August in Saratoga has been billed as “the place to be” if you are prone to the pursuit of ponies. Actually, prone to watching and betting on the finest of the world’s thoroughbred racehorses. Two things happen then; the air is filled with splendor and the avenues with glamorous and spending tourists. Another, is all the prices of everything go up, dramatically!
So, we have the good but which is also bad if you need to find a room for the week or weekend. If you haven’t made your reservation in Saratoga there are still plenty of places to stay within a twenty-mile radius.
Rooms were one of the problems with our continuing the Antique Shows in Saratoga. Traveling dealers couldn’t find rooms without paying a premium. But local dealers, of which there are many fine ones in the area, were intimidated by the promoter of another show in Saratoga. ‘You do his and you won’t be in mine’ – you all know the story. Well,
that show is no more and we were wondering if perhaps the time may be right again for a revival of our own Saratoga Antique Show. And, to enhance our August Arms Fair weekend by doing it the prior Tuesday, Wednesday and Thursday, Tuesday being a “closed day” at the racetrack. The streets of Saratoga are nearly crowded with people from the early morning hours to wee hours of the evening. Plenty of folks who want to do other things than racing and gambling. I can have the space at the City
Center – for at least one hundred booths, but with Ebay and dealers not wanting to do “new” shows, will we fill those booths?
We have decided to send these comments to our Antique Dealer database and ask you who receive it also ask other dealers, “Would you like to do a Saratoga Antique Show?” If I get a good initial response we can make a final determination of promoting a show in the future. As for cost, a booth will generally run about $150.00, give or take. To make it more interesting and fresh for the Tuesday
morning crowd, no sales will be done prior to opening or during setup. Other information about our organization or shows can be found on our website at www.NEACA.com.
If you haven’t “experienced” Saratoga yet, you owe it to yourself to at least come to the city and taste of its flavor. This old Victorian health retreat has maintained its elegance while entering a new century full of vibrance and progress. New shops and hotels and shopping centers surround the great width of Broadway and the quaint back streets and alleys while keeping with the traditional architecture of the past.
Truly, Saratoga Springs is one of today’s best destinations for tourism, pleasure or business. We are proud to do our part in keeping with the tradition of high rollers and plain folks that make up a wonderful city. We hope to be there another twenty years.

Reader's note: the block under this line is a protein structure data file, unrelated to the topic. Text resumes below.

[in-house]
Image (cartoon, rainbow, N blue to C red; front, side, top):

Dave Petronis with his display at November Easton, MD Show
Read the November Gun Show Report
See "What's New"
By David Petronis
Our 54th Saratoga Springs Arms Fair just concluded this past November 1 & 2 and we had a full hall of exhibitors and a healthy crowd of buyers. I personally had one of my better sales events during the weekend. When I have a good show – and with my prices – I figure everyone must have a great show. But as usual, some dealers did and some didn’t.
Either you guys are glutens for punishment or aren’t telling me the whole story, ‘cuz I’ve got an awful lot of tables already deposited for our next show on March 19, 20 & 21, 2004. Any of you prospective exhibitors wanting tables, should not wait until a few weeks prior to the show to respond, I think you might get a “sorry sold out” reply.
The one thing that I keep hearing about our Saratoga Show is how much people like it, even if they didn’t make money at that particular time. And I also hear it continually from the public coming in. That is, except from the guy who left a message on my machine about how terrible the prior August show was … “even a whole table full of crap dolls. I thought it was a gun show!” Give me a break! That is all I’m going to say.
Our Saratoga Show has the highest percentage of all gun tables, or collectable militaria, to total tables of other shows around. We must except the “all antique gun shows”, however. They are supposed to have all pre 1898 guns and militaria. That is not our show – ours is general and varied … and much more interesting to the public, that’s why they come.
I remember the first time I displayed at the Allentown, PA Show – many, many years ago. I was so worried I wouldn’t have stuff good enough to show. The first tables by the door when I went in were bare tabletops filled with tons of new patches and gizmos. So much for the worry. I still ended up behind a large column in a dark room – thanks, Mr. Howard Hoffman; who has still